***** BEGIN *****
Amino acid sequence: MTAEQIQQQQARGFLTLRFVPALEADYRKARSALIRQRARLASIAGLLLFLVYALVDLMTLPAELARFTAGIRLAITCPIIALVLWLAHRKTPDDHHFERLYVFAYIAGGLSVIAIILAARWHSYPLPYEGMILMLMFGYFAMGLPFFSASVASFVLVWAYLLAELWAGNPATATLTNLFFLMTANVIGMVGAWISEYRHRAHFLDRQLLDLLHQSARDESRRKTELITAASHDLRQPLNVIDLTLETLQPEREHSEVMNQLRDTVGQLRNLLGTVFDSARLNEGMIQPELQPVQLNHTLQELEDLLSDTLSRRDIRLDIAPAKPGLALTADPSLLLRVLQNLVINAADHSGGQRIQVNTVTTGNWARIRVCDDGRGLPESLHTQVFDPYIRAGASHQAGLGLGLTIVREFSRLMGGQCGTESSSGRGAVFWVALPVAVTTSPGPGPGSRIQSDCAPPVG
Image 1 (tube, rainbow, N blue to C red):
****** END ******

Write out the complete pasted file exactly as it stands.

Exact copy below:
Amino acid sequence: MTAEQIQQQQARGFLTLRFVPALEADYRKARSALIRQRARLASIAGLLLFLVYALVDLMTLPAELARFTAGIRLAITCPIIALVLWLAHRKTPDDHHFERLYVFAYIAGGLSVIAIILAARWHSYPLPYEGMILMLMFGYFAMGLPFFSASVASFVLVWAYLLAELWAGNPATATLTNLFFLMTANVIGMVGAWISEYRHRAHFLDRQLLDLLHQSARDESRRKTELITAASHDLRQPLNVIDLTLETLQPEREHSEVMNQLRDTVGQLRNLLGTVFDSARLNEGMIQPELQPVQLNHTLQELEDLLSDTLSRRDIRLDIAPAKPGLALTADPSLLLRVLQNLVINAADHSGGQRIQVNTVTTGNWARIRVCDDGRGLPESLHTQVFDPYIRAGASHQAGLGLGLTIVREFSRLMGGQCGTESSSGRGAVFWVALPVAVTTSPGPGPGSRIQSDCAPPVG
Image 1 (tube, rainbow, N blue to C red):